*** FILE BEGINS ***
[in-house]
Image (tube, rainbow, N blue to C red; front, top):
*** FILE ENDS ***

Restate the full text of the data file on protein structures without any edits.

[in-house]
Image (tube, rainbow, N blue to C red; front, top):